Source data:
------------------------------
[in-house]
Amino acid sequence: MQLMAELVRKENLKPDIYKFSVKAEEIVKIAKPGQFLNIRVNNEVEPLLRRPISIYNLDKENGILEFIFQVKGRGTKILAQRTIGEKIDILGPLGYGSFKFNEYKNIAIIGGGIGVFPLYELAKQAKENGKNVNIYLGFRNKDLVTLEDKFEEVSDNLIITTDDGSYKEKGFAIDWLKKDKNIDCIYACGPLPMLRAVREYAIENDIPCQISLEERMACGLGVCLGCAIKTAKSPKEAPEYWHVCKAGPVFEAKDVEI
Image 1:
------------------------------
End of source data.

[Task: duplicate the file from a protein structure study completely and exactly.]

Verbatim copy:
[in-house]
Amino acid sequence: MQLMAELVRKENLKPDIYKFSVKAEEIVKIAKPGQFLNIRVNNEVEPLLRRPISIYNLDKENGILEFIFQVKGRGTKILAQRTIGEKIDILGPLGYGSFKFNEYKNIAIIGGGIGVFPLYELAKQAKENGKNVNIYLGFRNKDLVTLEDKFEEVSDNLIITTDDGSYKEKGFAIDWLKKDKNIDCIYACGPLPMLRAVREYAIENDIPCQISLEERMACGLGVCLGCAIKTAKSPKEAPEYWHVCKAGPVFEAKDVEI
Image 1: